Life during the great depression 

Companies raise billions of dollars by issuing securities in what is known as the primary market. Contrasted with the Securities Act of 1933, which regulates these original issues, the Securities Exchange Act of 1934 regulates the secondary trading of those securities between persons often unrelated to the issuer, frequently through brokers or dealers. Trillions of dollars are made and lost each year through trading in the secondary market.
The Dust Bowl was an agricultural, economic and social disaster that took place during the 1930's on the Great Plains of the U.S. Poor farming practices, extreme drought and high winds destroyed the farmland of The Great Plains. Severe dust storms were created that would blackout entire towns, destroy farms and kill thousands. Thousands of families were forced to migrate to California.
A Shantytown is a settlement of plywood, corrugated metal, sheets of plastic, and cardboard boxes . Such settlements are usually found on the periphery of cities, in public parks, or near railroads tracks, rivers, lagoons or city trash dump sites. Towns where poor people live in shanties.
Took action to bring about immediate economic relief as well as reforms in industry, agriculture, finance, water power, labor and housing. Vastly increasing the scope of the federal government's activities. The term was taken from Roosevelt's speech accepting the Democratic nomination for the presidency on July 2, 1932.
Soup kitchens in America started around 1929 when the effects of a growing depression began to be felt. The need for soup kitchens was felt even more keenly when the tailspin in the economy worsened in 1932, and 12 million Americans about 25 percent of the normal labor force were out of work. Governmental unemployment relief ranged from nonexistent to inadequate.
The number of hobos increased greatly during the Great Depression era of the 1930's. With no work and no prospects at home, many decided to travel for free by freight train and try their luck elsewhere.
Hoover Dam, once known as Boulder Dam, is a concrete arch-gravity dam in the Black Canyon of the Colorado River, on the border between the U.S. states of Nevada and Arizona. It was constructed between 1931 and 1936 during the Great Depression and was dedicated on September 30, 1935, by President Franklin D. Roosevelt. Its construction was the result of a massive effort involving thousands of workers, and cost over one hundred lives. The dam was controversially named after President Herbert Hoover.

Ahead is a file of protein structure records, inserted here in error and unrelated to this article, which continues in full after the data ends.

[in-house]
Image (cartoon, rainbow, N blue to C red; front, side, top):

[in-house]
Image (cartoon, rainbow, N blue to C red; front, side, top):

Formed in March 1933, the Civilian Conservation Corps, CCC, was one of the first New Deal programs. It was a public works project intended to promote environmental conservation and to build good citizens through vigorous, disciplined outdoor labor. Close to the heart of President Franklin D. Roosevelt, the CCC combined his interests in conservation and universal service for youth.
rk program for the unemployed that was created in 1935 under U.S. President Franklin D. Roosevelt’s New Deal. Although critics called the WPA an extension of the dole or a device for creating a huge patronage army loyal to the Democratic Party, the stated purpose of the program was to provide useful work for millions of victims of the Great Depression and thus to preserve their skills and self-respect. The economy would in turn be stimulated by the increased purchasing power of the newly employed, whose wages under the program ranged from $15 to $90 per month.
Valley Authority Act on May 18, 1933, creating the TVA as a Federal corporation. The new agency was asked to tackle important problems facing the valley, such as flooding, providing electricity to homes and businesses, and replanting forests. Other TVA responsibilities written in the act included improving travel on the Tennessee River and helping develop the region’s business and farming.
John Ernst Steinbeck was born on February 27, 1902, in Salinas, California, the only son of John Ernst Steinbeck Sr. and Olive Hamilton. His father was a bookkeeper and accountant who served for many years as the treasurer of Monterey County, California. Steinbeck received his love of literature from his mother, who was interested in the arts. His favorite book, and a main influence on his writing, was Sir Thomas Malory's (c. 1408–1471) Le Morte d'Arthur, a collection of the legends of King Arthur. Steinbeck decided while in high school that he wanted to be a writer. He also enjoyed playing sports and worked during the summer on various ranches.
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